Monday, August 17, 2009

Growing Up: You Can't Go Home Again

Once or twice each month, I will take a trip down Childhood Lane. This is not nostalgia or putting a hand in the face of those bitter Tekamah years. This is more of a way of giving everyone an idea of where I came from, why I'm here, and what, I think, made me go from Point A to Point B. And hey, maybe they'll be somewhat entertaining to read.


I grew up in a small town in eastern Nebraska. There is no question that Tekamah is a farming community. It is nothing less and certainly nothing more. A drive through town on US 75 is an enlightening, if not forgettable, experience. The town's most beautiful building is the court house, which is across the street from the twisted, mangled halls of Tekamah-Herman Schools.

The grass is green on the lawns of the town. Not the residential green color of the uppity neighborhoods of suburbia and not the run-down greens of the decrepit shacks that dot the poverty lines of city after city across the nation. This green has the stench of artificiality, the putrid smell of appearances outlining the wide open curtains of a small town with ears leaning toward the windows and mouths next to the phone.

I was never a fan of Tekamah, and this is well-known to everyone I grew up with. In the halls of the school, it was commonly overheard that I believed Tekamah was the epicenter of hell's next construction project. But, like most people's memories of youth, there was a lot of good amidst the bad. In the years just after high school, I often focused on the bad and brought as much distance as possible between me and the town that made me. Now, it is a little different. The bad things are reminders of why I'm here, and the good things are the angels constantly telling me what to strive for.

One of my favorite things about growing up in rural Nebraska was its openness to the world. A view in any direction was endless, and a view upward was commonly a natural masterpiece. I spent many days in my front yard looking up at the contrails from hours past disintegrating at a painfully slow pace. An occasional flock of swallows chattered high in the air, and a neighborhood cat would walk up to me asking for its next meal of whatever I could find.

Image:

There was a view of the sky in my front yard that is forever etched in my mind. One block west, the land buckled upward in what could only be described as the molehill of Tekamah. City trees were everywhere, which lined the western sky in a sinusoidal pattern that was best observed in the flashes of lightning at night. My view out of my bedroom was to the south, and when a storm approached, I would have the images of the silhouetted tree "spokes" piercing the brighter white-blue light strobing in my head like an acid trip.

There was neighborhood football, in which I would play the quarterback for both teams, and I would see the football in slow motion almost camouflaged in the trees of autumn. I remember the faded Christmas lights outlined like a scatter plot on the lowest level of our house, and a tall evergreen only lit to about two-thirds of the way to the top. An occasional snow angel was drawn by the neighborhood kids on our lawn, which looked like ghosts in the dimly lit corridor of Main Street at night.

Going to Tekamah each time I return is a chore of psychological proportions. I remember things visually in ways tainted by the memories I had and the memories I've made since then. My life has been a series of contradictions, of living in places I sincerely do not belong out of necessity for attaining a life I have so far only dreamed of. I live in a perpetual middle ground of happiness with work and a constant disdain for where I am. It is quite likely that when the negativity of home is gone, I will never be encouraged to move again. So, interestingly, I almost see this middle ground as a blessing. Being satisfied so early in life is undesirable to me, really. If I'm happy and satisfied, what else will I have to live for?

If growing up in Tekamah has taught me anything, it is that if you never like home, you can't go home again. You don't even want to. And that's a good thing.